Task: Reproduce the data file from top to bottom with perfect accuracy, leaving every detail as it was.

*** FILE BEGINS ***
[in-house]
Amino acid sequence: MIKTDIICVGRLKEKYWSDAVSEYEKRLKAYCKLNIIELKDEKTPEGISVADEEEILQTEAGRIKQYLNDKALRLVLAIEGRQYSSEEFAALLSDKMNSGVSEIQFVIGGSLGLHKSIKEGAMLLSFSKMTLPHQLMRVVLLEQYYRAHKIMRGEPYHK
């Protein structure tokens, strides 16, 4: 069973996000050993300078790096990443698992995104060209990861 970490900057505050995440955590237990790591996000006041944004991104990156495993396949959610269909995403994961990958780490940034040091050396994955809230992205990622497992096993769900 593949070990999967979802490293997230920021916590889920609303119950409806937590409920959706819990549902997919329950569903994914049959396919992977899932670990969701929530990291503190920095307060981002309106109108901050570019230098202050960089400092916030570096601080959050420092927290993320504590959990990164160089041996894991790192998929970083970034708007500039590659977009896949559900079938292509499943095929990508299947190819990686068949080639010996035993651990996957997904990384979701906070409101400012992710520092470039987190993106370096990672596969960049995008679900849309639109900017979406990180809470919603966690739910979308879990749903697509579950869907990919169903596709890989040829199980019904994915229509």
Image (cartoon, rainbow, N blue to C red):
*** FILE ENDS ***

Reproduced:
[in-house]
Amino acid sequence: MIKTDIICVGRLKEKYWSDAVSEYEKRLKAYCKLNIIELKDEKTPEGISVADEEEILQTEAGRIKQYLNDKALRLVLAIEGRQYSSEEFAALLSDKMNSGVSEIQFVIGGSLGLHKSIKEGAMLLSFSKMTLPHQLMRVVLLEQYYRAHKIMRGEPYHK
């Protein structure tokens, strides 16, 4: 069973996000050993300078790096990443698992995104060209990861 970490900057505050995440955590237990790591996000006041944004991104990156495993396949959610269909995403994961990958780490940034040091050396994955809230992205990622497992096993769900 593949070990999967979802490293997230920021916590889920609303119950409806937590409920959706819990549902997919329950569903994914049959396919992977899932670990969701929530990291503190920095307060981002309106109108901050570019230098202050960089400092916030570096601080959050420092927290993320504590959990990164160089041996894991790192998929970083970034708007500039590659977009896949559900079938292509499943095929990508299947190819990686068949080639010996035993651990996957997904990384979701906070409101400012992710520092470039987190993106370096990672596969960049995008679900849309639109900017979406990180809470919603966690739910979308879990749903697509579950869907990919169903596709890989040829199980019904994915229509």
Image (cartoon, rainbow, N blue to C red):